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Re^2: To Single Quote or to Double Quote: a benchmark

by bass_warrior (Beadle)
on Feb 02, 2005 at 14:45 UTC ( #427271=note: print w/replies, xml ) Need Help??


in reply to Re: To Single Quote or to Double Quote: a benchmark
in thread To Single Quote or to Double Quote

This got me to thinking so I took your original code and made a few modifications just to see what it would do.
#!/usr/bin/perl use strict; use warnings; use Benchmark("cmpthese"); my $i = 1; cmpthese(-1, { "double", q !eval q {$a = "this is a string $i"}!, 'single', q !eval q {$b = 'this is a string $i'}!, });
seeker:perl$> ./quotes.pl
          Rate double single
double 11712/s     --   -34%
single 17742/s    51%     --
seeker:perl$> ./quotes.pl
          Rate double single
double 11487/s     --   -30%
single 16377/s    43%     --
seeker:perl$> ./quotes.pl
          Rate double single
double 11270/s     --   -32%
single 16592/s    47%     --
seeker:perl$> ./quotes.pl
          Rate double single
double 11395/s     --   -33%
single 16905/s    48%     --
seeker:perl$> ./quotes.pl
          Rate double single
double 11894/s     --   -33%
single 17742/s    49%     --
seeker:perl$> ./quotes.pl
          Rate double single
double 11487/s     --   -32%
single 16853/s    47%     --

Replies are listed 'Best First'.
Re^3: To Single Quote or to Double Quote: a benchmark
by eric256 (Parson) on Feb 02, 2005 at 17:08 UTC

    A quick change to your benchmark measures more accurately what we are talking about. Assume the evals and string qoutes are right because you lost me in there somewhere.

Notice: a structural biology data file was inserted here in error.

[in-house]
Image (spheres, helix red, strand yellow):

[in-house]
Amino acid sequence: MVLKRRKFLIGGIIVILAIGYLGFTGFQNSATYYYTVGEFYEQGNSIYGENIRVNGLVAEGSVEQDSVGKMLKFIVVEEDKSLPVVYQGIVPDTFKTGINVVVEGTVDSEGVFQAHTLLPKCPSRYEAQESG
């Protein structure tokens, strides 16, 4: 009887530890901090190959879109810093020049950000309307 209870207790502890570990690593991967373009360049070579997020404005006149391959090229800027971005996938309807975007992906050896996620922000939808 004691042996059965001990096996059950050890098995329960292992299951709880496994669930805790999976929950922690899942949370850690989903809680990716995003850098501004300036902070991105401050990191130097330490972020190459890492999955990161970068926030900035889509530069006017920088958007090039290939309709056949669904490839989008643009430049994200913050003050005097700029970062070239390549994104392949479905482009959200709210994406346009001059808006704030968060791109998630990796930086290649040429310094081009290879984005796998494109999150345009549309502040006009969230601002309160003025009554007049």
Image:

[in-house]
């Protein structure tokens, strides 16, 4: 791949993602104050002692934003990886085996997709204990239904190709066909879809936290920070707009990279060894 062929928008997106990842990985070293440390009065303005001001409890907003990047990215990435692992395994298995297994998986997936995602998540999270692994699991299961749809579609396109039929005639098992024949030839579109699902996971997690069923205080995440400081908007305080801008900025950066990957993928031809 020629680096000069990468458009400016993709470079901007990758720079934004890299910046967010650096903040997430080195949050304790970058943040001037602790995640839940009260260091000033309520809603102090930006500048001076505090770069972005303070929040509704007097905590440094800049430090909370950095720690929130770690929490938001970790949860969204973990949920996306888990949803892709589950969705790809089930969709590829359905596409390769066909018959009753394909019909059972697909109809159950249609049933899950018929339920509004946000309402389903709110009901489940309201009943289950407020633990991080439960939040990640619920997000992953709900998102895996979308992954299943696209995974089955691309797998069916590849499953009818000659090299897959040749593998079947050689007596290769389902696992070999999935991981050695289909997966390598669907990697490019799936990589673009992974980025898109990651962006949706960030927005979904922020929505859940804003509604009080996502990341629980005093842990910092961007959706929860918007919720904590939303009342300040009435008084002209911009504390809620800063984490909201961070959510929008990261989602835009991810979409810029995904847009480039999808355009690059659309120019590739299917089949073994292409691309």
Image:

use strict; use warnings; use Benchmark("cmpthese"); cmpthese(-1, { 'double' , q !eval q {$a = "this is a string \$i"}!, 'single' , q !eval q {$b = 'this is a string $i'}!, 'double no $', q !eval q {$a = "this is a string"}!, 'single no $', q !eval q {$b = 'this is a string'}!, }); __DATA__ C:\test>perl interpolation_bench.pl Rate double single double no $ single no $ double 22226/s -- -16% -17% -17% single 26331/s 18% -- -2% -2% double no $ 26733/s 20% 2% -- 0% single no $ 26733/s 20% 2% 0% -- C:\test>perl interpolation_bench.pl Rate double single double no $ single no $ double 21065/s -- -20% -21% -21% single 26331/s 25% -- -1% -2% double no $ 26714/s 27% 1% -- -0% single no $ 26756/s 27% 2% 0% -- C:\test>perl interpolation_bench.pl Rate double single single no $ double no $ double 21966/s -- -17% -18% -18% single 26551/s 21% -- -1% -1% single no $ 26733/s 22% 1% -- -1% double no $ 26947/s 23% 1% 1% -- C:\test>perl interpolation_bench.pl Rate double single single no $ double no $ double 22226/s -- -14% -16% -17% single 25960/s 17% -- -1% -3% single no $ 26331/s 18% 1% -- -2% double no $ 26733/s 20% 3% 2% -- C:\test>perl interpolation_bench.pl Rate double double no $ single single no $ double 20785/s -- -19% -21% -23% double no $ 25551/s 23% -- -3% -5% single 26211/s 26% 3% -- -3% single no $ 27019/s 30% 6% 3% --